Review: Reeker [2005]

Dir. David Payne

Cast: Devon Gummersall, Derek Richardson, Tina Illman, Scott Whyte, Arielle Kebbel, Michael Ironside, Eric Mabius, Marcia Strassman, David Hadinger.

It's become increasingly more arduous to formulate something fresh and inventive within the horror genre of late, what with ceaseless remakes and reboots that only succeed in disquieting and piquing real genre fans. So it's invigorating to come across a film that is bold and tries something new and idiosyncratic, Dave Payne's Reeker plows the, as yet, unfurrowed turf of effluvium related horror... baffled? Well read on dear friends.

This tale opens with a cadre of college students who get together to take a trek out to "Area 52", a grandiose rave party in an un-named desert hideaway. Encountering each other for the first time, this coterie is full of interesting partygoers. There's Trip (Whyte), the party animal with a predilection for MDMA; Gretchen (Illman), the tenacious, worldly-wise South African; Cookie (Kebbel), the ditzy blonde fledgling; Nelson (Richardson), the trendy DJ'ing asinine one; and Jack (Gummersall), the token blind guy... ok I know 'token blind guy' is not your conventional horror staple... and that is the first clue that this film is just a wee bit atypical.

There's just one problem for this heteromorphous assemblage: Trip has swiped a capacious amount of Ecstasy from Radford (Mabius), a drug dealing, blackballed, medical intern who is now hell-bent on retrieving his stolen goods. So, as you may imagine, it certainly is not the ideal time to have car troubles and find yourself stranded at a forsaken gas station in the middle of nowhere. As night thunders in and with no one in sight, they elect to set up camp and have Trip go out to try and find some assistance. Unexpectedly a malignant malodorousness swirls in and by and by the college partygoers are fighting for their lives against an invisible scourge with body odor, literally, from Hell!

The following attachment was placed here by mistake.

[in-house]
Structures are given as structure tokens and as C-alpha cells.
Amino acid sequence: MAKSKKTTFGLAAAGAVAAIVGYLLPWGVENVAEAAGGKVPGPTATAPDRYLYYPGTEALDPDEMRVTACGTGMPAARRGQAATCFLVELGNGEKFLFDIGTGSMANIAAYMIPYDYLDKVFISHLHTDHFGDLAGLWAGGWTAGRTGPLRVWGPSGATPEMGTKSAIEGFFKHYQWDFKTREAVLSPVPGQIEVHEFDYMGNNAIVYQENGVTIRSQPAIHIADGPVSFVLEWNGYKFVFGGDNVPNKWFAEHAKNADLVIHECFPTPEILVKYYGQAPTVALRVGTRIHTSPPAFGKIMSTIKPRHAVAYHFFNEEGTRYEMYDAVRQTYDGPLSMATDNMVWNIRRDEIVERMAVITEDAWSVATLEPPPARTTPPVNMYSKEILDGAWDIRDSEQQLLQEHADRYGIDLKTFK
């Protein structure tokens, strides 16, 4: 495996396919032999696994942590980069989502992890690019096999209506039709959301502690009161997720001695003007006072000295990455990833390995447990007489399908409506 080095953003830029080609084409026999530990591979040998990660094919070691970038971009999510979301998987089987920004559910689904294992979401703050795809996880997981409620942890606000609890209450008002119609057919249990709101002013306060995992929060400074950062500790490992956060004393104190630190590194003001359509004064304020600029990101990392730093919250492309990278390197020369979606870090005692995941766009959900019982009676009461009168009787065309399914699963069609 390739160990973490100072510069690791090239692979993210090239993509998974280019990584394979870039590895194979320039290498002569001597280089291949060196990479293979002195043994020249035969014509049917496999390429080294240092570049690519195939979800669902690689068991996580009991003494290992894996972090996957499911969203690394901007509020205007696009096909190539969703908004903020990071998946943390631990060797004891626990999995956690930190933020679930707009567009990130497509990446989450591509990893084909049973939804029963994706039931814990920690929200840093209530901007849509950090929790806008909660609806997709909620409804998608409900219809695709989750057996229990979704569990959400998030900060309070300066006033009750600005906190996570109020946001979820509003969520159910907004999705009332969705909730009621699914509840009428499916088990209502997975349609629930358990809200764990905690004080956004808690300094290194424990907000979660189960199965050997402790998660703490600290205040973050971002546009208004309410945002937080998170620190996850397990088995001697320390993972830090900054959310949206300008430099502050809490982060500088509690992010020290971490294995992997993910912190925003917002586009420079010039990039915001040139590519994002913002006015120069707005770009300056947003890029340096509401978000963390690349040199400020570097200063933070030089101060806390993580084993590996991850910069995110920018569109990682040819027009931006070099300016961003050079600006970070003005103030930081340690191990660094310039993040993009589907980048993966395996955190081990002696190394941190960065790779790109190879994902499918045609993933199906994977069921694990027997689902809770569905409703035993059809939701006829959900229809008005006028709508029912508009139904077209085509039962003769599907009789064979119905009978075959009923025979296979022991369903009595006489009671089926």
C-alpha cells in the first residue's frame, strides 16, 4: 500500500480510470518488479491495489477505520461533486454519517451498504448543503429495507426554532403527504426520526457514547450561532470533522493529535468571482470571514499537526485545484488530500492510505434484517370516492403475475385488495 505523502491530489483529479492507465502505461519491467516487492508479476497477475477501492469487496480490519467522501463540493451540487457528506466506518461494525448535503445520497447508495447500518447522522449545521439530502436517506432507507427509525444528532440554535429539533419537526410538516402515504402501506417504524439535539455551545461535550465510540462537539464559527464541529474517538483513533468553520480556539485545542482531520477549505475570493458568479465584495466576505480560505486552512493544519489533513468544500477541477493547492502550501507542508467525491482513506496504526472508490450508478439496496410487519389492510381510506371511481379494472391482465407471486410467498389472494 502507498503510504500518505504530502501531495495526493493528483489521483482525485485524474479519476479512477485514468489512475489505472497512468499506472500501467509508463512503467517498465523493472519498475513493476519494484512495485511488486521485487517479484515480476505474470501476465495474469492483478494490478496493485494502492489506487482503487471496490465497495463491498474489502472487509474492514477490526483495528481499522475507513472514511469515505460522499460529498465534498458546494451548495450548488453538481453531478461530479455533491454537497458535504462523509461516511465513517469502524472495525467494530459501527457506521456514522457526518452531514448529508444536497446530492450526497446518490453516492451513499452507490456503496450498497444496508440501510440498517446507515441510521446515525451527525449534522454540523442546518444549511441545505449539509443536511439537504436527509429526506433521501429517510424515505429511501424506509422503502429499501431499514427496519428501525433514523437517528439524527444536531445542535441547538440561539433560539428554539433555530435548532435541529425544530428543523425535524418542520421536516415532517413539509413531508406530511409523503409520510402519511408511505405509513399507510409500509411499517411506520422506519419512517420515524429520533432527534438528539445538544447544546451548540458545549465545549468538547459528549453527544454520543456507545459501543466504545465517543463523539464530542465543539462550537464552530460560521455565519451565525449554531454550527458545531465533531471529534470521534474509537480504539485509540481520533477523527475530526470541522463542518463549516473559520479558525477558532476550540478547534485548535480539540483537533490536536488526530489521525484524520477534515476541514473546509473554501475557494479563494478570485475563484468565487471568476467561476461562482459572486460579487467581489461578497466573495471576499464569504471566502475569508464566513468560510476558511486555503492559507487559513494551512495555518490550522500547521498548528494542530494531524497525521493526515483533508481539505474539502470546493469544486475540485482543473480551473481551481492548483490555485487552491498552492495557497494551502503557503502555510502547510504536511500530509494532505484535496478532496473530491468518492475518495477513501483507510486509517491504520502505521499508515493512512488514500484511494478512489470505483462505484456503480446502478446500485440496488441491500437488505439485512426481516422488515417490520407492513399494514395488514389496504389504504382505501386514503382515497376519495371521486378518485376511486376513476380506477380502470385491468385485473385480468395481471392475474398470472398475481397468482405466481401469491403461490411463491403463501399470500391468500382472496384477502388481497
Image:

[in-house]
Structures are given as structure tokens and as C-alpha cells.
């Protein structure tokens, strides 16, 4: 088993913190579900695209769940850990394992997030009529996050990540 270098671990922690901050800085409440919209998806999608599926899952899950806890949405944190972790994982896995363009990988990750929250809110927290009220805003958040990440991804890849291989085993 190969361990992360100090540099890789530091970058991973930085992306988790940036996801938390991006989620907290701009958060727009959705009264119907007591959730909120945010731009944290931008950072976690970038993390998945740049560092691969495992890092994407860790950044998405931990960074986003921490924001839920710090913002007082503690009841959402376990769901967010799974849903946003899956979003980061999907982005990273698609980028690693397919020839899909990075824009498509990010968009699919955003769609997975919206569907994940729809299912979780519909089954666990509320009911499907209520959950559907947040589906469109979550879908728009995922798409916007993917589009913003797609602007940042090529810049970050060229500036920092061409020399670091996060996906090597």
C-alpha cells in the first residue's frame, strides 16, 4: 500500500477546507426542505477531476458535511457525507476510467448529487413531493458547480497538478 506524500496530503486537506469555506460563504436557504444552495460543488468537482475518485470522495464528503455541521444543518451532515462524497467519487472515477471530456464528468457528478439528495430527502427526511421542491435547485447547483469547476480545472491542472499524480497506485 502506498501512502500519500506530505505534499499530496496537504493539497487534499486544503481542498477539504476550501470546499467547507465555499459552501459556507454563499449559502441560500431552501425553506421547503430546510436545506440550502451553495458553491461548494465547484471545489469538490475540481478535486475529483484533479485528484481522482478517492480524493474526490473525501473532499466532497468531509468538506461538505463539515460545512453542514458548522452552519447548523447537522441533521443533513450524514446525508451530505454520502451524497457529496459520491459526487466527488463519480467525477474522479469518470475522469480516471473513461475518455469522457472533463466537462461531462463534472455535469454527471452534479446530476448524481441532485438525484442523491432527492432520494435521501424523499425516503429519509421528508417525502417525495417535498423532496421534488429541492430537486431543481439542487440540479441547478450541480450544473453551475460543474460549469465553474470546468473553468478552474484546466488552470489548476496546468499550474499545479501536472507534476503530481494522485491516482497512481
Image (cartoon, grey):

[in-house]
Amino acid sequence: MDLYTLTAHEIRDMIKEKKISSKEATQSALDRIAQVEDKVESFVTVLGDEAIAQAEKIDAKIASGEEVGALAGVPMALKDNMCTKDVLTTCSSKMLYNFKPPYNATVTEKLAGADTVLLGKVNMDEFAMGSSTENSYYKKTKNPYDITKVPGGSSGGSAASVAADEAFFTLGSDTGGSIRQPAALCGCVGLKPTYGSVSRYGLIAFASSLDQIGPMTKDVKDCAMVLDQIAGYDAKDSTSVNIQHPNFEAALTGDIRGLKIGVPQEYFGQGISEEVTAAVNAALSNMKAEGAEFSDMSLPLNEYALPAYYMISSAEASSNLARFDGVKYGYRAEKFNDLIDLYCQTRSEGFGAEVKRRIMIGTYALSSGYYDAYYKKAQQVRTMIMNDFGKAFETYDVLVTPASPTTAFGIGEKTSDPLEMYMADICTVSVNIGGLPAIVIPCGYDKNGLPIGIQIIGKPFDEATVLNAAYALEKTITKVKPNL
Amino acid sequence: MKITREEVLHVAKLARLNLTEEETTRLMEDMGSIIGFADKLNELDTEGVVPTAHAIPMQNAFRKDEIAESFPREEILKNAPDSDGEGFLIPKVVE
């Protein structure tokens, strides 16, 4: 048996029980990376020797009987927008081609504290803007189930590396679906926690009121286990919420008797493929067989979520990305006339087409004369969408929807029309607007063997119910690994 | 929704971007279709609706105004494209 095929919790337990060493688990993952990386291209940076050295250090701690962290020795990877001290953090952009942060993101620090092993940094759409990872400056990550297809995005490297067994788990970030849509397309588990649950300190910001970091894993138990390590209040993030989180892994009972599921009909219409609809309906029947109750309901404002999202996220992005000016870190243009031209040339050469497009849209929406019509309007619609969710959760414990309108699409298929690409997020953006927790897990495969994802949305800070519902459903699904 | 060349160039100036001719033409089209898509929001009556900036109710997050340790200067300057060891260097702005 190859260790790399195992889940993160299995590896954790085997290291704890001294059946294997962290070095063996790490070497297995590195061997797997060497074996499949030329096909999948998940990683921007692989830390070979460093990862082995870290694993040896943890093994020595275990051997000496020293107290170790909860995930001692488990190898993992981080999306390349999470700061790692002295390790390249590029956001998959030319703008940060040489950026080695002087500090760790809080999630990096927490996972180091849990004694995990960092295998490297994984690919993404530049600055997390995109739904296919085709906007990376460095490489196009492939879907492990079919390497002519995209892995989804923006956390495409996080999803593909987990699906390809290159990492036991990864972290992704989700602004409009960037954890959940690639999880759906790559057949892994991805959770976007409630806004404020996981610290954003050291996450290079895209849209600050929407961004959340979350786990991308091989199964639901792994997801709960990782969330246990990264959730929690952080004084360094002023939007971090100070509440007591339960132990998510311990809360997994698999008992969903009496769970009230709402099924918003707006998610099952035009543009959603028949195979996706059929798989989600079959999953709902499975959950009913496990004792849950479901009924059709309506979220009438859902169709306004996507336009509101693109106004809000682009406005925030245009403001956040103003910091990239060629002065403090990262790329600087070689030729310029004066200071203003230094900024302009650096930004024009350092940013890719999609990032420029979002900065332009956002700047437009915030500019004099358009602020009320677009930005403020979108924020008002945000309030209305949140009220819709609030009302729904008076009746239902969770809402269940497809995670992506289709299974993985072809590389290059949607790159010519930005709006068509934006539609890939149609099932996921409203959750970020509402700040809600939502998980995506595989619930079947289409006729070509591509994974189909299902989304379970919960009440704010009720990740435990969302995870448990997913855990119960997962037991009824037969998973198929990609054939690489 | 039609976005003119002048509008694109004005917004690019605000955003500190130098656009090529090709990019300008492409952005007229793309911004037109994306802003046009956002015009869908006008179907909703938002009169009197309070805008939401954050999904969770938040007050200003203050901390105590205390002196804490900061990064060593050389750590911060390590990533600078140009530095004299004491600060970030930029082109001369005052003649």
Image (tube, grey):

Now, let's get this said from the off, I had no expectations of Reeker to be anything but a formulaic 'ripened teens in peril' horror movie, especially at the bargain price of $2.50, little did I know that I was going to get an idiosyncratic, veraciously pithy and concise avant-garde fable with several effective scares and a hipness that many of it's big budget brethren would be well served to feign every once in a while.

The production is, without a doubt, diminutive, filmed mostly at one desert location, but thanks to some sublime cinematography from Mike Mickens fused to Payne's dexterous direction, Reeker contradicts it's low budget origins amazingly effectively. The motel set is fastidiously realised and resplendently alluring, while the colour scheme is low key and elusively malignant, all cadaverous yellows and bloody reds. Especially potent is the way that Payne utilises visual contrivances to convey the none-visual phenomena of a repulsive malodorousness which accompanies the putrefying phantom, ruses the viewer soon becomes comfortable with as a signpost of the immanent horrors to follow.

The whole endeavor has a very "classic horror movie" feel, bearing a closer semblance to Identity, with fragments of Herk Harvey's exemplary Carnival of Souls, with a smidgen of Hills Have Eyes/Death Valley style stalk-and-slash and Cube's existential abstruseness, rather than the usual, banal modern day 'slasher' fare. The characters are all intensely convincing and well-acted by a cast of almost (as then) unknowns, the standout being Devon Gummersall as Jack, the rare example of a handicapped character being utilized to enhance a plot rather than just being portrayed as a burdensome victim. There is a twist ending, which for me tend not to work well in 'slasher' genre pictures, in the case of Reeker, this is the primary reason why the film consummately feels so satiating, with a disclosure that will make you wish you'd paid closer attention to the foregoing story threads. Much like Fincher's Fight Club you will find yourself hungering to go back and rewatch it just to see what you missed.

I presupposed nothing from this film and despite that, it left me enamored, it is a cogent, gory and well made little horror film with a killer twist. Director and writer Dave Payne has augmented, what may seem on the surface to be, just another case of unequivocal horror fare and constructed something novel and beguiling. It's invigorating to unearth an independent movie that doesn't take itself too seriously and prosaically enthralls.

Verdict: Watch it twice, you won't be disappointed.

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